Balance

Discussion in 'General Discussions' started by Sam Russell, Dec 21, 2012.

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    Sam Russell New Member

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    Just a wee note:
    I have a good history with my farrier (He was just starting out as a farrier with my previous horse) and this is the first time this particular horse has been worked on by him. As owner I am responsible for my horses feet so anything I can glean from this forum will help me work with him in the future. I don't think this young horse's feet are off to a great start.
    Help! :)
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    Western Hill Forge Active Member

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    Tom Bloomer Well-Known Member

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    Short shoeing, leverage, and gravity all working together.
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    Western Hill Forge Active Member

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    Didn't you read my post?

    Regards
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    Tom Bloomer Well-Known Member

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    Didn't you look at the picture I posted?
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    Western Hill Forge Active Member

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    I was hoping you would add some constructive advice for the OP.

    Regards
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    Tom Bloomer Well-Known Member

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    Usually it doesn't work out very well when a horse owner tries to instruct their farrier based on information from an Internet forum.

    Some farriers fit shoes based on observation, biomechanical considerations, and empirical data collected on how the horse (or a given conformation trait) responds to changes in shoeing.

    Some farriers deny observation and mechanical considerations in order to preserve their belief in "the way shoes are supposed to be fit."

    Science vs. dogma.
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    scruggs1 Active Member

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    david a hall Moderator

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    As Tom has demonstrated e is short of metal. Im not sure if he needs a bigger shoe or it letting back a bit more. Sam did you know him as a foal? Did he have some bent legs when a couple of weeks old?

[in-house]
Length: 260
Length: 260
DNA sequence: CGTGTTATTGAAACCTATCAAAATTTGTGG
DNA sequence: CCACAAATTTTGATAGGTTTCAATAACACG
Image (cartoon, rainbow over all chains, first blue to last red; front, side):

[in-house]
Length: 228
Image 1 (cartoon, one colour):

That crack looks like a problem waiting to happen.
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    Sam Russell New Member

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    I agree. And probably a good dose of gut instinct. I appreciate your warning. I don't assume to instruct my farrier. And I understand the massive limitations of making comments based on photos. But you are helping me to get is a picture of what issues the horse has, whether they are serious, how he got there (which ultimately is my fault) and options to work with. My Farrier enjoys a good discussion and is not too arrogant to talk about his work.

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    Julie Plaster New Member

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    I have to commend the photography and video effort of this OP.
    I like owners that see concerns and ask questions. Learning and resolution opportunities.

    Julie :)
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    Sam Russell New Member

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    His legs were not bent as a foal but he was extremely upright until a year old. He had a lame spell as a foal. Vet called but no diagnoses. He thought it was a shoulder but not really sure. As a yearling he did have a subtle lameness issue come up a couple of times and I had him xrayed. Vet looked at everything from the shoulder down but couldn't diagnose anything again and said he was very slightly club footed with a short pedal bone and to keep him trimmed short. He has been trimmed short since.

    He has also been significantly bum high in his past growth pattern.

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